Leave Your Family Out of Your Business

Sometimes when negotiating a loan, the lender tries to either stretch to make the deal work by enlarging the playing field.   Or more sinister, they see an opportunity to reduce their risks by testing the idea of more personal guarantees on the loan than may be necessary.   The personal guarantee of a wealthy, albeit uninvolved family member, is not easily ignored by many lenders.

Just say no.  

Mixing business and family is a difficult proposition when all parties are voluntarily involved.   Letting the lender reduce you to begging a family member to borrow the money for you is the wrong way to start a relationship.   If your deal won’t be approved with only you, the business owner, endorsing it, just don’t borrow the money.

When a family member endorses, guarantees, or “co-signs” your loan, the problems are plentiful.   First, it allows the lender to appoint a new director to your firm.   Potentially, the relative will start watching your business with much more interest if they suddenly have a financial stake in it.   You have but one more critic to satisfy.   It is not the lender’s job to appoint your management.

Secondly, even if the guarantee was offered, rather than requested, you still have no way of ensuring the business gets the best deal.   Some companies have failed due to meddling “investors” who do not have the business experience or ability to contribute.   Landing in a deal just because their net worth seems to be a good idea of securing the loan is too risky.

Third, family dynamics enter your operations and organization chart.   Suppose the guarantor your father.   What if your training, experience, and industry instincts are leading you to implement a particular strategy.   However, your father doesn’t like it, based on some depression-era reasoning or experience he had in an entirely different industry, position, and market.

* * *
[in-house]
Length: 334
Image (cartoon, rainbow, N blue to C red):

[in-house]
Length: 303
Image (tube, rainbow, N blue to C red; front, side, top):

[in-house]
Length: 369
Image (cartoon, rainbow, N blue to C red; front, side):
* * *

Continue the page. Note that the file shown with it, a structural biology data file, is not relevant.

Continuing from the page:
You manage your father’s polite objections handily until he starts assuming the role of your parent.   Using names from your childhood (like “son” or “sweetheart”) the debate shifts to the same tone of why you weren’t allowed to go to the junior sock-hop.   You have to face up to an entirely inappropriate, unfair, and emotional pressure.

Avoid these situations by just staying away from your family’s wealth, and make your business stand on its own.   It may take longer, cost more, and be much smaller.   However, it’s yours alone to succeed, fail, or land somewhere in the middle.  

Other family risks more common will be a lender’s appetite to get your spouse to guarantee the loan, though the spouse has no ownership or involvement with the business.   The lender has no reason to demand such a term.

An exception is only when you are using a jointly owned asset to secure the loan, and the spouse has to sign on to perfect the collateral.   However, even then you should demand that the spouse’s guaranty by “limited” to their ownership in that asset.

Involvement of your spouse carries the same penalties as mentioned above, except worse.   You live with your spouse, and usually see them daily.   They are harder to avoid, and may use the guaranty as standing to ask questions about business.   It can ruin marriages.

If you were contemplating divorce (or someday decide to), the business loan guaranty can be something to make your business and lender a party to negotiations that may already be complicated.

It is best to leave all members of your family who do not own part of the business out of any involvement with the business financing.   Find another way to secure the lender, and be firm about standing alone behind the deal.

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